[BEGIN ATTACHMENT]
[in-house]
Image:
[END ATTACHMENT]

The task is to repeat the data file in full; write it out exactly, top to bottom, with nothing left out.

[in-house]
Image: